Tuesday, 18 June 2013

Unemployment Blues

When I lived in Beijing from 2007 to 2010, I worked in a state-owned enterprise. There was lots of bureaucracy and it was very regimented. At 10.30am and 3pm an outdated woman's voice from the 60s would erupt the silence and the recording instructed people to stop and do eye exercises.

Hardly anyone bothered to obey the voice and continued working while hearing this old school music while she chanted "one, two, three, four" and telling people what to do. Finally I asked someone what this was about and they explained these were eye exercises they did in elementary school, but not anymore. So why continue to broadcast this if no one was doing it?

But it's a state-owned company and it just follows the rules.

Like every other company, there were many people who didn't seem to do anything at work all day. Or they tried to look busy. When fresh graduates started work with us, they went through the same rite of passage.

At first they were eager to begin their careers and make a difference in the world. However, they soon saw how work was a monotonous chore people did, day in and day out. The smart ones got out quickly, while the others, who didn't mind having much to do and being paid for it, stayed on.

Many of these graduates weren't the cream of the crop -- but rather a government directive to state-owned enterprises to absorb a number of them to keep unemployment numbers down.

It didn't matter what if anything these fresh grads were doing -- as long as they had a "job" it was fine. But really they weren't learning much or doing anything particularly useful.

This made me realize that in China there are not enough jobs for educated people. There are lots of factory jobs, but no university graduate will do a job that is physically demanding -- that's why they got a degree in the first place!

Many refused to get low-paying jobs, or ones that were not related to their fields because they felt they had special knowledge that should be used. They wanted to hold out for a better job, but they soon realized if they did not graduate from Peking University of Tsinghua University, they were not going to get the best jobs, let alone the top-paying ones.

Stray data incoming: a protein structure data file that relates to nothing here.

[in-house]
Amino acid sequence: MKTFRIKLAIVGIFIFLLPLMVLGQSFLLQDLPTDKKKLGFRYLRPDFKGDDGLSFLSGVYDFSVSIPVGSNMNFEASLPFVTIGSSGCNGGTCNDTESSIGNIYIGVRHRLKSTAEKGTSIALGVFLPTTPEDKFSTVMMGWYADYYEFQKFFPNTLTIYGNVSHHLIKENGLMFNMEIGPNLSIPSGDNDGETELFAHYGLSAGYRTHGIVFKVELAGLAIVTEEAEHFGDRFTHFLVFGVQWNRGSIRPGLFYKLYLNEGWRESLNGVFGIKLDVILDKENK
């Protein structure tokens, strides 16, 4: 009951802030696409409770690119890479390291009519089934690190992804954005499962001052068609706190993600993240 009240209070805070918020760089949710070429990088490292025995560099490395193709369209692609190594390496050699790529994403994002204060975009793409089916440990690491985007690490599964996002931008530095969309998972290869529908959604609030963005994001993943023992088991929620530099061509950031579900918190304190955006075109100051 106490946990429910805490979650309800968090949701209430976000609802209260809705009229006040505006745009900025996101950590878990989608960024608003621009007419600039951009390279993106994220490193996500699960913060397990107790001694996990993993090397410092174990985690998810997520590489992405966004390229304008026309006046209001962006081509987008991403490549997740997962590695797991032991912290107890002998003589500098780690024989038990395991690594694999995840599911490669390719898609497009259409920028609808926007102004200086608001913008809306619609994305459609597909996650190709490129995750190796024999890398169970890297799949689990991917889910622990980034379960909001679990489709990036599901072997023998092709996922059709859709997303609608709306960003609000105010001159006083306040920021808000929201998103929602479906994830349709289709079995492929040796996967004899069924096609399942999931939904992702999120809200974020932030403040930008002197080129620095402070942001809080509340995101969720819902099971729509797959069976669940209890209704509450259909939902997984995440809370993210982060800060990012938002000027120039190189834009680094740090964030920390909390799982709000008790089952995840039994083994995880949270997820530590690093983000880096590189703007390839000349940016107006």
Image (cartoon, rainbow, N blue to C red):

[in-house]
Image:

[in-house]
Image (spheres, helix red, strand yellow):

So they had to lower their standards, lower and lower. It's gotten to the point where there are too many graduates.

A record seven million will graduate this year, but less than half of them will find work.

That's because the economy is slowing down and companies are unsure of what the future will bring.

While Premier Li Keqiang recently led the cabinet meeting on May 16 ordering schools, government agencies and state-owned enterprises to hire more graduates, it's a short-term solution and hardly a productive long-term measure.

The State Council has encouraged young people to get jobs at small private companies, but since these fresh graduates are of the "only child" generation, they are not as keen to take risks and would rather have a steady long-term job.

A prominent broadcaster named Wang Zhian created an uproar when he wrote on his microblog that graduates should take jobs at moving companies, packing and unpacking customers' items.

The young people didn't take too kindly of his advice of doing manual labour.

However, he said: "The most important thing for [new graduates] is to figure out a way to survive, and if that means you have to become a moving company worker, then so be it. You can't live off your parents forever."

I agree. Students in China don't have the culture of working summer jobs when they are in school so they don't understand how hard it is to make a living, let alone appreciate what their parents have provided for them.

They need some "toughening up" and gaining any kind of work experience, no matter how lowly is better than just having an academic degree.

How many will actually take Wang's advice will probably only be a handful, but they will be ahead of the others in terms of learning how to make lemonade out of lemons.

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